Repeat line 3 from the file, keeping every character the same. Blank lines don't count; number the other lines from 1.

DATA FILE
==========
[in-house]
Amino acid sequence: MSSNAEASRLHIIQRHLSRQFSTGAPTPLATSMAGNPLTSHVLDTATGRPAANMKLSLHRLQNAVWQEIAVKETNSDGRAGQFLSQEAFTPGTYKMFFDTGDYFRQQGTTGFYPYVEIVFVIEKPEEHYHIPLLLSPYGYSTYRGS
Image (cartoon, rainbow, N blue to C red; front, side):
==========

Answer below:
Image (cartoon, rainbow, N blue to C red; front, side):